Apple Announces Alternative Payment Systems Policy For Apps In Netherlands


Consistent with the ACM’s order, dating apps that are granted an entitlement to link out or use a third-party in-app payment provider will pay Apple a commission on transactions. Apple will charge a 27% commission on the price paid by the user, net of value-added taxes. This is a reduced rate that excludes value related to payment processing and related activities. Developers will be responsible for the collection and remittance of any applicable taxes, such as the Netherlands’ value-added tax (VAT), for sales processed by a third-party payment provider. Developers using these entitlements will be required to provide a report to Apple recording each sale of digital goods and content that has been facilitated through the App Store. This report will need to be provided monthly within 15 calendar days following the end of Apple’s fiscal month.

Apple is doing everything they can to toe the line to comply with the Netherlands ruling on alternate payment systems for dating apps. I’m not sure you could find a webpage more emblematic of the idiom of following the letter of the law, rather than the spirit of the law. They are also simultaneously appealing the decision and that tone comes across in the text too, as if each sentence is dripping with resentment.

I can only assume this is just the first bout in many rounds of back-and-forth over terms, that will be replicated and reproduced on a global scale eventually. This court ruling is on enabling competition for in-app payment systems, rather than the general monopoly of mobile app stores. However, the two are obviously inextricably linked. No one is going to use a third-party payment system when the saving compared to Apple’s built-in offering is a measly 3%. These current terms will not incite competition in payment systems as no developer will ever implement one. If you think the 3% will just about cover independent credit card processing fees, the customer acquisition costs and additional support overhead alone will make it an unprofitable course of action.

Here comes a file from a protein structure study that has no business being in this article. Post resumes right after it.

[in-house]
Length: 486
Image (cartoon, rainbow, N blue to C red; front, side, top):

Apple’s stated policy is not long-term sustainable. I don’t know whether it will be changed as a result of these proceedings, or a different lawsuit down the road. It will change. Everyone agrees 27% is a joke. I think it’s quite reasonable to say that 0% would also be unfair to Apple; Apple deserves something. It’s just figuring out what is an acceptable rate in a market which lacks other forms of competition like alternative app stores or native app sideloading. There are other distribution issues that Apple’s App Store model imposes but ultimately money talks, and all of this legal theatre is a protracted negotiation over that core commission structure. As a member of the Small Business program myself, 12% (15%−3%) sure feels a whole lot fairer than 27%. I honestly believe most of these big company lawsuits would fall away if Apple announced that 12% was going to be the new normal for everyone.